I know … it sounds like the makings of cake batter or some thick formula. But applying translucent powder as a base/primer for foundation has become a viral sensation.
It’s a technique used to primarily tackle oily skin, close pores, last up to hours and give an overall flawless finish. If you have naturally dry skin, this technique wouldn’t be for you since you wouldn’t have excess oils that’d need to be soaked up.
You’d begin the process by applying your moisturizer first, and then as I mentioned before, you’d follow up with a translucent powder, then foundation.
After applying the powder, it should remain untouched for a quick minute so that it has the opportunity to soak up the excess oils, especially in the T-zone areas where oil tends to accumulate.
Makeup gurus warn to use a translucent powder as opposed to a setting powder because translucent powders are much lighter. But watch out, this makeup process can be a little messy for that same reason; translucent powder is fine and loose — sorta like baby powder, which is actually another trend.
Now that we understand the general process, here’s where the controversy comes in.
It seems to be split down the middle. Some MUA’s have commented that during the process their skin felt good, while others have reported that at the very beginning of the process their skin felt dry, tight and cracked, and didn’t make them want to continue the process. Possibly this would be the sentiment of a person with combination skin (both dry and oily). Applying a raw powder to a patches of skin that are drier than others may result in uneven coverage and distribution of the foundation and would cause some parts of the face to feel drier than others.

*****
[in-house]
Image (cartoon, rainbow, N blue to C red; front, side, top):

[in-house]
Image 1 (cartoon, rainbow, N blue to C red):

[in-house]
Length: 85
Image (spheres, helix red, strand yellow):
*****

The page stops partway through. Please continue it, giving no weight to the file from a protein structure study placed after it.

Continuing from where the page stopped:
On the other hand, some makeup gurus mentioned that this process helps other products such as highlighters become more pigmented, while others say applying translucent powder first soaks up too much of the foundation so it takes longer to cover the face.
Lastly, some MUA’s claimed that their pores were visibly smaller, and that the process helped covers blemishes fairly well. Other MUA’s however, have said that the process made their face look textured, their pores looked caked/clogged and that photos taken with flash will highlight the powder, making the face appear ghostly white.
Fontana Pharmacy’s beautician Keneisha Bryan says this makeup technique wouldn’t be ideal for the on the go woman who may only have time for a quick face powder pat coupled lipstick or lipgloss, and needs to be out the door to conquer the world. It also wouldn’t be a good fit for women who are minimalistic and would cringe at having to apply a lot of product, nor is it the makeup technique to use for night functions.
Have you given this technique a try? What do you think about it? Comment below and start a conversation with us.